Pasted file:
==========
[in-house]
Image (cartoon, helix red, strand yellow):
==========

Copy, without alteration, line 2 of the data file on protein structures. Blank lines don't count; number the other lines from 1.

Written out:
Image (cartoon, helix red, strand yellow):